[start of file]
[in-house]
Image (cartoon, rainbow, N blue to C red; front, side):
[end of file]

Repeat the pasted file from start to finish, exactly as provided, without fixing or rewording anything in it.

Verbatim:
[in-house]
Image (cartoon, rainbow, N blue to C red; front, side):